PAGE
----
It’s not the Tories putting Sturgeon on the defence. They, like the SNP, are happy to contend the general election on constitutional issues in the hope of corralling the unionist vote or even just the votes of those that don’t yet want a second independence referendum. It is Labour who are spotting the opportunities and maximising them.

However, that would not be enough alone. For although folk like Dugdale as a person – as evidenced in Lord Ashcroft’s latest polling - she lacks the policy chops to build on that. Witness her dopey proposal ahead of the last Holyrood election to raise income tax.

Dugdale may be a self-confessed Blairite but what’s powering Scottish Labour just now is Jeremy Corbyn’s more left-wing policy platform.

For as Brexit has dropped down the agenda at this election, and bread and butter stuff like health and education has moved centre stage, Scots are seeing that for all the SNP’s left wing rhetoric, after 10 years in power in Holyrood, there’s not a lot of progressive policy to show for it.

Corbyn’s manifesto, even though huge chunks of it won’t apply in Scotland, is progressive. The evidence is anecdotal at the moment, but it seems some Scots voters find it more attractive than the timid managerialism of the SNP. This is particularly the case with another independence referendum looking very unlikely before the 2020s, on either the nationalists' or the Conservatives' timetable.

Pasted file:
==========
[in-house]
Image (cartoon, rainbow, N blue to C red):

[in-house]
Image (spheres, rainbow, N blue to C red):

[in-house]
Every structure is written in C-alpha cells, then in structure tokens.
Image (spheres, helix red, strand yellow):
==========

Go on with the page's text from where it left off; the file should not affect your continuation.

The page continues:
Evidence that the Scottish Labour strategy has worked may be more plentiful come 8 June 2017. The polls, albeit with small sample sizes so best approached with caution, have Ian Murray streets ahead in the battle to defend Edinburgh South. There’s a lot of optimism in East Lothian where Labour won the council earlier in May and MSP Iain Gray increased his majority at the Scottish election last year. Labour have chosen their local candidate well in local teacher Martin Whitfield, and if the unionist vote swings behind him he could overhaul sitting MP George Kerevan’s 7,000 majority. (As we learned in 2015, apparently safe majorities mean nothing in the face of larger electoral forces). In East Renfrewshire, Labour's Blair McDougall, the man who led Better Together in 2014, can out-unionist the Tory candidate.

But, while in April, it was suggested that these three seats would be the sole focus of the Scottish Labour campaign, that attitude has changed after the local elections. Labour lost Glasgow but did not implode. In chunks of their former west of Scotland heartlands there was signs of life.

Mhairi Black’s a media darling, but her reputation as a local MP rather than a local celebrity is not great. Labour would love to unseat her, in what would be a huge upset, or perhaps more realistically go after Gavin Newlands in the neighbouring Paisley seat.

They are also sniffing Glasgow East. With Natalie McGarry’s stint as MP ending in tears – a police investigation, voting in her wedding dress and fainting in the chamber sums up her two years in Westminster – Labour ought to be in with a chance in the deprived neighbourhoods of Glasgow’s east end.

Labour in Scotland doesn’t feel like such a wreck anymore. Alan Roden’s Daily Mail-honed media nous has grabbed attention. Corbyn’s progressive policies have put fuel in the tank.

After polling day, the party will be able to fit all its Scottish MPs comfortably in a small hatchback, compared to the double decker bus necessary just a few years back.

But this general election could give the party the necessary shove to get on to the long road back.

James Millar is a political journalist and founder of the Political Yeti's Politics Podcast. He is co-author of The Gender Agenda, which will be published July 21 by Jessica Kingsley Publishing.